Buffalo News archives

What it looked like Wednesday: The Village of Williamsville, 1933

By Steve Cichon
steve@buffalostories.com
@stevebuffalo

This airborne shot of Main Street in the Village of Williamsville looks down Main from what is now the Creekview Restaurant, past what is now Amherst Town Hall, down to what is now the Beach-Tuyn Funeral Home and beyond.

Buffalo News archives

Buffalo News archives

Williamsville Island is now Island Park, and the home to Old Home Days.

What it looked like Wednesday: The Zamboni drives up Main Street, 1975

By Steve Cichon
steve@buffalostories.com
@stevebuffalo

The City of Buffalo owned Memorial Auditorium and ran the day-to-day operation of the venue in a way that doesn’t happen with Erie County and First Niagara Center. This included apparently, changing the oil on the Zamboni.

Buffalo News archives

Buffalo News archives

So, as Sabres fever in Buffalo was hitting a high point in February of 1975 — as the Sabres where destined for the Stanley Cup Finals that year — Jim Lombardo took the Zamboni in for “routine maintenance.”

Buffalo News archives

Buffalo News archives

Whatever exactly that meant, it involved driving the Zamboni from Memorial Auditorium up Main Street to a city garage for repairs. The maximum speed for this vehicle — which is cruising the 600 block of Main in these photos — was 8 mph.

Likely the heads of a few lunch patrons at the Swiss Chalet’s original location (across Main from Shea’s) were turned, as The Aud’s ice resurfacer incongruously schlepped its way past the window.

The repairs must have worked. The ice was so great at The Aud the following night that the Sabres and Flyers combined for 12 goals in a 6-6 tie.

Torn-Down Tuesday: The Mansion House, Main & Exchange, 1932

By Steve Cichon
steve@buffalostories.com
@stevebuffalo

The Mansion House was built on the ground one of Buffalo’s early taverns and hotels. Originally known as Crow’s Tavern, the place was bought by Phillip Landon, an early surveyor of Buffalo, in 1806.

Buffalo News archives

(Buffalo News archives)

Landon’s public house served as Buffalo’s first public school as well as Buffalo’s first county courtroom.

The original tavern was destroyed when the British burned Buffalo in 1813.  Phillip Dorsheimer bought the entire block, and built a five-story building. Another floor was added, and that rebuilt gin mill was styled into a modern hotel by new owner Rebecca Wheeler in 1829.

For the next 100 years, the hotel served Buffalo’s elite arriving first by stage coach, then by canal and then by rail.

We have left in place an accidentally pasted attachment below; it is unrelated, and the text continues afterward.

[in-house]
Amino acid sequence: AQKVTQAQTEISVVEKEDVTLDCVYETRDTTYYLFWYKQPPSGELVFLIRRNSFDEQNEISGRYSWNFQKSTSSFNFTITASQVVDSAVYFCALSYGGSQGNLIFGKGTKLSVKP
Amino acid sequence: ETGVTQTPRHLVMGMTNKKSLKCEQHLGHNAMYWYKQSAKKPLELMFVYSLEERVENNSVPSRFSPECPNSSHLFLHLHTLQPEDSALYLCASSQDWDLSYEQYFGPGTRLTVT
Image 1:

“The Mansion House, the career of which abounds in color and historic lore, was host to aristocracy of its day,” wrote The News as the building was slated for demolition in 1932.

The structure was called “one of the most outstanding landmarks in Buffalo’s history” weeks before it was taken down, to make way for buildings to be utilized by the New York Central Railroad.

The New York Central right-of-ways were then sold to New York State for the building of the I-190.

Piers holding up the I-190 now occupy the space once home to Mansion House.

What it looked like Wednesday: Lines at the grocery during World War II rationing, 1943

By Steve Cichon
steve@buffalostories.com
@stevebuffalo

The Office of Price Administration was actually established several months before the bombing of Pearl Harbor, as the country prepared for the possibility of war.

Weeks after the declaration of war, price controls and rationing were implemented on all manner of consumer goods except agricultural products.

Ben Dykstra, butcher and grocer at the corner of Main and Merrimac in University Heights, shows off the full March, 1943 ration of canned goods for a family of four.

Buffalo News archives

Buffalo News archives

Families had to register for ration books, as Mrs. EW England was doing at School 16 on Delaware and Hodge in 1943.

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Women jammed markets when they knew they could get good meat. Such was the case at Neber & McGill Butchers on William Street in 1943.

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Additional ration points could be earned by turning in food waste, like grease, for the war effort. Mrs. Robert Bond of Hampshire Street collected four cents and two brown ration points for turning in a pound of rendered kitchen fat to Anthony Scime, of Scime Brothers Grocery, at Hampshire and 19th on the West Side.

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Even after the war, shortages continued. This is the scene at the Mohican Market on Main Street near Fillmore in 1946, on a day when butter was available.

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The News called it “a mob scene” inside, where Office of Price Administration rules dropped the price to 53 cents. Some markets, confused by the change in rules, were selling for 64 cents.

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The OPA was dissolved and price controls ended in 1947.